That whole concept was only reinforced in the first church body the Spirit put us in, when we were taught by the Prayer Minister to “storm heaven,” because, “the kingdom of heaven suffereth violence, and the violent take it by force.” (Matt 11:12) I took it to heart and began a several year assault on heaven’s gate. “Seek the Lord,” “Draw near to Him,” “Open your heart,” “Love Him,” “Praise Him,” and all the other admonitions from the scripture and the pulpit continually exhorted me (us) to press further, seek harder, to be “not weak in faith,” because we knew that we would reap, “in due season, if we faint not.” To do “my utmost for His highest.”
I have no regrets for my years in that. It was not wasted time – it was God’s perfect time and place. It always has been. As far as the difficulty of that time, the condemnation, whether self-inflicted or from some “ministerial” source, it was perfect. I had to give it a shot to do my “utmost” for Christ. I’m in good company. Peter thought the same way, when he said he would never deny Jesus. Peter found out his own resolve failed at its first real test. And eventually, like Peter, I found out my own resolve eventually got to a place where it could go no more, because it became confused and afraid. There is a period in most of our lives, for those who press into Christ, where we give it a good effort at becoming “more like Christ.”
We do not know we are about to fight a battle in which, if we come out the loser, we come out the winner. We don’t know that yet. In the beginning we are thinking about making the only “me” we know to be a better “me.” We’re looking to get a spiritual makeover, so to speak.
Make ‘me’ pleasing to You, Lord!” we pray, not knowing we are praying for an impossibility, first, because it is already true that we are pleasing to Him, and second, we are actually in our mind’s understanding at the time, ignorantly asking for self-deification. Seeing God in separation, He up there, we down here, we are in a sense asking Him to make us a separate “god” who is “like” Him.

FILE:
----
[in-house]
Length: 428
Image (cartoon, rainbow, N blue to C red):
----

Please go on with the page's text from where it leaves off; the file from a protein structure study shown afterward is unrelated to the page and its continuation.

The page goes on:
As I said, for a time in our ignorance God winks at our separation mindset. We operate out of it in relation to God, and when we “hear” God or see some “work” of is, and seeing it out of that separation, God honors it for a time. Even as God honored Saul’s anointing and still guided Saul by the Spirit until Saul could no longer fulfill God’s will because of fear and torment, which is when David came forth, a man after God’s heart who would fulfill all His will. Saul is the separated “flesh man,” and David the “inner Christ,” who grows up even while Saul is still running things. Finally Saul cannot go on. He cannot hold back the Philistines any longer. The Lord is not with him, and at the end in fear and desperation he falls on his sword and dies. Only then does David begin his reign, though for some time he has to put down the house of Saul.